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A colorful, roomy bag is just the thing you need to carry all your belongings for a day at the beach. Read more »
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Looking for a sure cure for bored kids - make sparkly sea creatures! Read more »
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Our Preschool Training Scissors features a special training lever that opens the blades after each cut, helping children learn... Read more »
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The beautiful mood lighting of lanterns at outdoor gatherings is fabulous, so why not craft up a set to use this summer. Read more »
Treat your children to their own special tent hideaway, then stand back and watch as the fun and adventures begin! Read more »
Make a thoughtful gift for someone this summer! Read more »
The StaySharp™ Max Reel Mower combines patent-pending technology with superior ergonomics to deliver best-in-class cutting perf... Read more »
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I had never done a time capsule before, but by traditional, I mean I pictured making a box full of things that represent our current culture. Maybe I'd include a news article printed off the internet about the debate over the end of the world coinciding with the end of the (then) current Mayan calendar on December 21, a photo of a package of Twinkies, a photo or article representing the presidential election, a catalog from a favorite clothing store. There would be funny personal stuff, too, like my son's first cell phone that we finally had to replace at the end of the year because it was held together with a rubber band.
As I researched what other people had put in their time capsule so I could get more ideas for my own, I stumbled across several articles about the opening of a time capsule created by Enrico Fermi, the Nobel Prize-winning physicist who helped create the atom bomb. While a few of the articles were written from a neutral point of view, the consistent theme in most of them was the disappointment felt by those who witnessed the opening of the time capsule. What were the contents that brought about feelings of disappointment? A University of Chicago directory, a road map, train and airplane timetables, an architect's sketch of the building that housed his time capsule in one of the cornerstones, University of Chicago announcements for May 25, 1948, brochures about some of his scientific works, and a list of postdoctoral fellows. Those who witnessed the opening said they were hoping for something more exciting. One had speculated that there would be more of Fermi's scientific revelations inside. Another had hoped to find his predictions about the future.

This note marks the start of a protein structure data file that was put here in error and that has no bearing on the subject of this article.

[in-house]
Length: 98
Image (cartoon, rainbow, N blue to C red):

I am not a scientist or a scholar, nor will I ever contribute anything to history that even begins to approach the magnitude of the creation of the atom bomb, so my time capsule contents will be considerably different than Enrico Fermi's. There also will not be newspaper reporters or television cameras at the opening of my time capsule as there were at his! But I can still draw from this experience when creating my own time capsule. Where a similarity can be drawn is that in both cases, the mementos stored away for the future are for people, not for time, and people have a desire for personal connections. What Fermi's time capsule was missing himself. It didn't include any of his thoughts or his opinions, his stories behind the contents he chose, more of his revelations, his predictions about the future.
As I re-evaluated my plan for my time capsule, I thought about my future audience (my boys and their families) and what might appeal to them. It wouldn't be a photo of the 2012 Presidential candidates, but it might be a photo of the Presidential candidates accompanied by a letter explaining why we supported the candidate we did. It wouldn't be a photo of a package of Twinkies, but it might be a photo of a package of Twinkies accompanied by a note reminiscing about our weekly trip to the Hostess Bakery Outlet where our oldest son, at age 6, would spend 30 minutes contemplating the choice between a fruit pie, chocolate cupcakes, or a package of Ho-Hos.
My plan for my time capsule has evolved into more than just filling a box with things. I've created a box in which everyone in the family can contribute items over the course of the next year. At the end of the year, we can go back through it and add our thoughts or opinions, our stories behind the contents we chose to include.
I've designed my box so that it can sit out in our house in a prominent location as part of the decor for the next year. I started with a round chipboard box and added some strips of masking tape.
To make the masking tape border more decorative, I adhered masking tape to wax paper, punched it with a Fiskars Interchangeable Border Punch, and adhered it to the existing layers of masking tape.
My plan to make one impression with this "Remember When" stamp on the lid of my box quickly changed when I forgot to take into account that the lid was warped. This made my impression incomplete, so I randomly stamped over the whole lid this way.
To soften my stamping, I dry brushed over it with my base paint.
I continued with strips of masking tape on the lid followed by more paint.
I added a handwritten quote and a decorative tag.
And finally, I lightly sponged some brown stamping ink over parts of the box to give it a weathered look. If I added too much ink, I lightly painted over the areas again, allowing the brown to still show through.